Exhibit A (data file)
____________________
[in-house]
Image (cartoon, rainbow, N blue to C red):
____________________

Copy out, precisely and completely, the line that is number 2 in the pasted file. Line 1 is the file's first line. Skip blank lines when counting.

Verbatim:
Image (cartoon, rainbow, N blue to C red):